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In the last few weeks, I’ve heard a lot of people fretting about an impending recession, and using this as a rationale for not purchasing real estate. Well, here’s a news flash: there is not a strong correlation between recessions and real estate prices, positive or negative. Yeah, you read that right.
Let’s take a look:
This graph shows the (national) S&P Case-Shiller US National Home Price Index from about 1987 to present. The gray areas are recessions. As you can see, home prices were flat, up or down during recessions during the last 45 years. Let’s be clear: I am NOT saying that prices won’t come down in real estate in NYC. What I AM saying is that making your decision predicated on the (seemingly consensus) idea that a recession is impending and that this means prices are coming down is not useful (and not based in actual reality).
How about stocks? Well that’s a different story:
Here’s one conclusion: in the face of an (apparent) impending recession, it is probably better to be in real estate than in stocks.
Here’s another way to think about it. As we’ve written about in the Insider in the past, NYC real estate buyers are on average very different from the rest of the country. When your average home price is, say, $400,000, you save $40k, and get a loan for the rest. In New York City because of our price points, jumbo loan requirements, and the financial requirements of coops, a lot more cash is required. So people sell stocks and buy real estate. About half of them buy their properties for cash. So for NYC property buyers, the purchase decision is more about asset allocation than affordability.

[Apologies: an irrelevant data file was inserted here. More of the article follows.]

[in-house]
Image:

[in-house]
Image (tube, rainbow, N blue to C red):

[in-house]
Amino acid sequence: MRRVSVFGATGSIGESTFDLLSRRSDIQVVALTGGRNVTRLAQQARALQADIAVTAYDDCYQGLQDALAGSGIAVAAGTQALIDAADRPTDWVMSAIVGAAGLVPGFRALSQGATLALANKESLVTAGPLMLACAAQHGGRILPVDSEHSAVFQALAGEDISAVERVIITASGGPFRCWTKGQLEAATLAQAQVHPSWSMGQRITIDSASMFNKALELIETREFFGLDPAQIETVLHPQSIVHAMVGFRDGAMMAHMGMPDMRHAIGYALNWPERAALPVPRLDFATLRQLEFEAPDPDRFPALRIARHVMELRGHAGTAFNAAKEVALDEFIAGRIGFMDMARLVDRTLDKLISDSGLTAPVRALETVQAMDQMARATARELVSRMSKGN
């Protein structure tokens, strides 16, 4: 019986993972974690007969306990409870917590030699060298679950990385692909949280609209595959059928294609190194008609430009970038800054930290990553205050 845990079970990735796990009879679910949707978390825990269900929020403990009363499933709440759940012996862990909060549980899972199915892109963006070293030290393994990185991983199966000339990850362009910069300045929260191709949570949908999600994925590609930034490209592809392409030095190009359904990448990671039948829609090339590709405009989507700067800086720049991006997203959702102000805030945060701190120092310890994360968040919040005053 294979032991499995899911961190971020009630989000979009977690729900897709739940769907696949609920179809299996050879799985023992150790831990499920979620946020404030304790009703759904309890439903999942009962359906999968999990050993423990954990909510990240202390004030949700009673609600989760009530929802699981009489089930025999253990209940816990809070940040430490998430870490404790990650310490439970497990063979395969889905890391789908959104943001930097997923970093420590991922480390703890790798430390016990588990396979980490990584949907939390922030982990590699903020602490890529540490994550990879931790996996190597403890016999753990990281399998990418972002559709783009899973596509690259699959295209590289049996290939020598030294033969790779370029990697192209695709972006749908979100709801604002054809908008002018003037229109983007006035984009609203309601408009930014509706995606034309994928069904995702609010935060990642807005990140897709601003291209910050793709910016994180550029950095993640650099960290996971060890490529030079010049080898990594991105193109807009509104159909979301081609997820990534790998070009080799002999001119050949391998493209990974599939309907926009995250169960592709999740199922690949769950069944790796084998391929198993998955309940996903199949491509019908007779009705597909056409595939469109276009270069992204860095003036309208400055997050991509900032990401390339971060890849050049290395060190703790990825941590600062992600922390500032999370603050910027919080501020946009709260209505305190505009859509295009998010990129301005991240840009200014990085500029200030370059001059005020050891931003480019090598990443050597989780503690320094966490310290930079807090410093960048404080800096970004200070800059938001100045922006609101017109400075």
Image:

Let’s review asset classes:
Here’s what we know about real estate. Over the long term, it preserves its value. The Furman Center published the most comprehensive longitudinal study of real estate that I’m aware of, spanning 1974 to 2006. Their conclusion is just as relevant today as it was then:
- Reassuringly, despite past price volatility, the overall health of the City’s real estate market remained strong over the past three decades, with the losses from the downturns representing only a fraction of gains from the upturns. Source: Trends in New York City Housing Price Appreciatio
With all of this in mind, consider allocating more assets to real estate as it’s likely to outperform stocks in a recession.
Have a great Thanksgiving weekend, everyone!